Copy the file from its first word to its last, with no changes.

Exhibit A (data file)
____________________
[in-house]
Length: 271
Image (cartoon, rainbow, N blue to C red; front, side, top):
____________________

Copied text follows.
[in-house]
Length: 271
Image (cartoon, rainbow, N blue to C red; front, side, top):